Vegetable Storage Tips

Tips on Storing the Spring Harvest 


Berries - If you do not eat them all immediately, which is most likely what happens, you can put them in a container in the fridge, covered with a cloth, not air tight.


Greens - Leafy greens need to have their moisture content controlled. You do not want them to be too wet, or they can get slimy, yet if they are too dry, they will wilt. The dry air of a refrigerator will pull moisture out of greens if left exposed to the air, causing them to wilt.

The best storage for loose salad greens is in an air-tight container, ie. a tupperware or glass container with a lid, with a paper towel in the bottom, to absorb excess moisture.

For larger cooking greens, like kale & swiss chard, a plastic bag with a puff of air works fine, or you can roll washed greens in a damp tea towel and place in a crisper drawer.

Here are a few good links to check out if you want to get more in-depth info. . .

3 Ways to Store Salad Greens

Storing Greens without Plastic & Freezing Greens

Making Your Leafy Greens Last Longer

In general, loose greens like salad and spinach will keep for 1-2 weeks. Sturdier greens like kale, chard, bok choy, turnip greens, etc. will keep for 2-3 weeks. Cabbage keeps almost indefinitely. 


Roots - Roots are grown in the ground, and they prefer a humid environment as well, about 80-90% humidity for most. Roots cannot be stored loose in the fridge, even in a crisper drawer, or they will lose their crispness and become rubbery. They can be stored loosely in a bag or wrapped in a damp towel and stored in an air-tight container. Roots stored properly should keep for several weeks, including radishes, turnips, beets, carrots, etc. If edible greens are attached, such as beet or turnip greens, it is best to remove greens and store separately.  


Spring scallions & garlic scapes - These alliums should be stored loosely in a bag (with air space) or container in the crisper drawer. Scallion will keep up to 2 weeks, garlic scapes are quite hardy, and will keep for several weeks to a month.   


Zucchini & summer squash - Zucchini & summer squash actually prefer to be stored slightly warmer than the fridge, about 50 degrees is ideal. However, since we don’t generally have a 50 degree space in our modern houses, you can either leave out on the counter in a cool house for up to a few days, or store loose in the crisper drawer. They do not need to be in a bag or container. These should keep for 1-2 weeks.




Tips on Storing the Summer Harvest


 Cucumbers - Store loose in the crisper drawer of your fridge, not in plastic bag or container unless cut. Will keep for 1-2 weeks. Great for preserving and making fresh pickles, lacto-fermented pickles, or canned pickles!


 Eggplant - Eggplant prefers to be stored at warmer temperatures than the fridge. We keep it in our “warm” cooler in the barn, which is set to 50 degrees. However, for household storage, you can store it on the counter for 1-4 days. It may start to get wrinkly skins after that time, but it still fine to use. You can also keep them in the fridge, but it may get dark spots, cold damage, after about 4-5 days.  


Greens - see tips from Spring above!


Onions & Garlic - These alliums should be stored in a dry, cool, dark location. In a basket in a kitchen cupboard is a fine location. Sweet onions should be used within 3 weeks. Red onions should keep for 1-2 months.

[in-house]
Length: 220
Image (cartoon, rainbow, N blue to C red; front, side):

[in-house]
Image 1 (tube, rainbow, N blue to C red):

Melons - Watermelons can be kept on the counter until ready to eat. Store any uneaten portion in the refrigerator. Muskmelons can be kept on the counter for 1-2 days only. If not going to eat within 1-2 days, it is best to store them in the fridge. We pick them fully ripe, when they turn color and slip easily from the vine, and they will continue to ripen and can become soft and over-ripe if left out for too long. Muskmelon can also be easily frozen, for “Easy Melon Sorbet” or “Melon Smoothies”. (Recipes are available on our website!) 


Peppers - Peppers should be stored in the crisper drawer of the fridge, loose, not in a bag. They will keep for 1-2 weeks. They also freeze beautifully. For short term storage, just deseed and chop and put into freezer bags. For long-term storage (and highest nutritional content), it is best to blanch in hot water first, then cool in an ice water bath, dry and freeze on a tray. Then transfer to freezer bags, squeezing out the air.


 Potatoes -  Potatoes prefer cool, dry, and dark storage. They can be kept in a brown bag or basket lined with a plastic bag to hold the dirt, in a kitchen cupboard, or dry basement cupboard. Potatoes keep well if unwashed until ready to use. We generally just rub the dirt off before including them in CSA shares. You can wash them when you take your veggies home for use that week, or store them dirty until ready to cook.  


Roots - see tips from Spring above!


Sweet Corn - It is best to eat your sweet corn soon after getting your share, within 1-2 days it will be at its sweetest. Store in the fridge until ready to eat! Any unused portions can easily be frozen after blanching in hot water.  


Tomatoes - For maximum flavor, tomatoes should not be stored at less than 50 degrees. A normal refrigerator is 40 degrees, so it is best to store them on the counter. They should keep for a few days up to a week depending on how ripe they are.  


Zucchini & summer squash - see tips from Spring above!


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